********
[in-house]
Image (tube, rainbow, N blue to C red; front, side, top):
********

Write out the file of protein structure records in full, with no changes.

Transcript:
[in-house]
Image (tube, rainbow, N blue to C red; front, side, top):